Flights from Perth to Laos are via Bangkok, while those from elsewhere in Australia may go via Vietnam or Hong Kong (the latter requiring an additional change at Bangkok); average journey time is around thirteen hours from Perth and sixteen hours from Sydney, depending on connections. Flights from Perth start at around Aus$1000, Aus$1200 from Sydney; a cheaper alternative could be to fly the budget airline Air Asia to Kuala Lumpur, from where you can connect to Vientiane. From New Zealand, flying to Laos involves at least two stops, usually in Australia, Hong Kong, Vietnam or Bangkok; the journey takes around nineteen hours and fares start at around NZ$1900.
Expect a journey upwards of nineteen hours if flying from South Africa, with at least two stops en route. Prices start at around R8500.
Landlocked Laos is easily accessed from most of its neighbouring countries, either overland or by flying. Note that visa on arrival is not available at all overland entry points for details and check locally for the most up-to-date information.
Lao Airlines operates flights from Bangkok to Vientiane, Luang Prabang and Savannakhet, from Chiang Mai to Vientiane and Luang Prabang, and from Udon Thani to Luang Prabang. In addition, Bangkok Air has twice-daily flights to Luang Prabang. All flights take between one hour and one hour forty minutes.
As of the time of writing, there are six routes across the Thai border into Laos: Chiang Khong–Houayxai; Nong Khai–Vientiane; Nakhon Phanom–Thakhek; Mukdahan–Savannakhet; Chong Mek–Pakse; and Beung Khan–Paksan. Visas on arrival are available at all but the last crossing, but check locally before travelling as the situation can change. It’s possible to get visas in advance from the Laos Embassy in Bangkok.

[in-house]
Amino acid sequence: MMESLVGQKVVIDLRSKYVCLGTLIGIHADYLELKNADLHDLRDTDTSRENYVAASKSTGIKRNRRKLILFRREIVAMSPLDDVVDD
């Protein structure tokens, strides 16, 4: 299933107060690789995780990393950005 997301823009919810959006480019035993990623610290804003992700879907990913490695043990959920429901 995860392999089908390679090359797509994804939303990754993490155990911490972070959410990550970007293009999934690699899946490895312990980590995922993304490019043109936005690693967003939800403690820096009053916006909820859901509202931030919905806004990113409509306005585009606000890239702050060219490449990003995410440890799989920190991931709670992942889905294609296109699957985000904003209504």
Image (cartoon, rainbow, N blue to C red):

Vietnam Airlines flies from Hanoi to Vientiane and Luang Prabang, and from Ho Chi Minh City (Saigon) to Vientiane (all 3hr); both routes are also served by Lao Airlines. It’s also possible to travel overland into Laos at six border points: Tay Trang–Sop Hun; Nam Xoi–Na Meo; Nam Khan–Nam Can; Cau Treo–Nam Phao; Lao Bao–Dansavanh; Ngoc Hoi–Bo Y. Visas on arrival are available at all of these crossings.
Lao Airlines operates direct flights from Siem Reap to Luang Prabang (1hr 30min) and Pakse (1hr 45min), and to Vientiane via Pakse (3hr). The only way to cross overland into Laos is at the Dom Kralor–Veun Kham crossing, where it’s possible to get a visa on arrival. It’s also possible to cross here by boat. You will probably have to pay a small “fee”, usually around $1–2, to the immigration officials at the checkpoint, in addition to your visa fee.
It’s possible to travel by road or air into Laos from China’s southwestern Yunnan province. Lao Airlines operates flights from Kunming to Vientiane (1hr 20min). The only border crossing is at Mengla–Boten, from where buses run to Luang Namtha and Oudomxai – it’s best to travel first thing in the morning in order to be able to connect to either town.